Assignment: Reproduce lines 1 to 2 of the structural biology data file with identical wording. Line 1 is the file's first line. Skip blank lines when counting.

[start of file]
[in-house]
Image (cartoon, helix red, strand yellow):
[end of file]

[in-house]
Image (cartoon, helix red, strand yellow):